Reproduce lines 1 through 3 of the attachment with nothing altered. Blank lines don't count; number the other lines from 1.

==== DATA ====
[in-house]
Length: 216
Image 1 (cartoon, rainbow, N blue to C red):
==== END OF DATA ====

[in-house]
Length: 216
Image 1 (cartoon, rainbow, N blue to C red):